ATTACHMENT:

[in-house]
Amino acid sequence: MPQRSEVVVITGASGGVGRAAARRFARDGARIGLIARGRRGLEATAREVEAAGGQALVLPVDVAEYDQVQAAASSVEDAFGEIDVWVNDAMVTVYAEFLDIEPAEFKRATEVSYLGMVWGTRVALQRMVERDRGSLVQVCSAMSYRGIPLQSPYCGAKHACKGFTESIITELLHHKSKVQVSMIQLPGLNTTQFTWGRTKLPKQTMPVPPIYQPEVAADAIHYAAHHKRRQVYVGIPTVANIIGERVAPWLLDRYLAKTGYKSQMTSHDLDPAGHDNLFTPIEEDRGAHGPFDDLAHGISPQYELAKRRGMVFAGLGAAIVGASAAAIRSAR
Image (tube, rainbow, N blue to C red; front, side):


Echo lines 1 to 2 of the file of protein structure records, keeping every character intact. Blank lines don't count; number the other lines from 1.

[in-house]
Amino acid sequence: MPQRSEVVVITGASGGVGRAAARRFARDGARIGLIARGRRGLEATAREVEAAGGQALVLPVDVAEYDQVQAAASSVEDAFGEIDVWVNDAMVTVYAEFLDIEPAEFKRATEVSYLGMVWGTRVALQRMVERDRGSLVQVCSAMSYRGIPLQSPYCGAKHACKGFTESIITELLHHKSKVQVSMIQLPGLNTTQFTWGRTKLPKQTMPVPPIYQPEVAADAIHYAAHHKRRQVYVGIPTVANIIGERVAPWLLDRYLAKTGYKSQMTSHDLDPAGHDNLFTPIEEDRGAHGPFDDLAHGISPQYELAKRRGMVFAGLGAAIVGASAAAIRSAR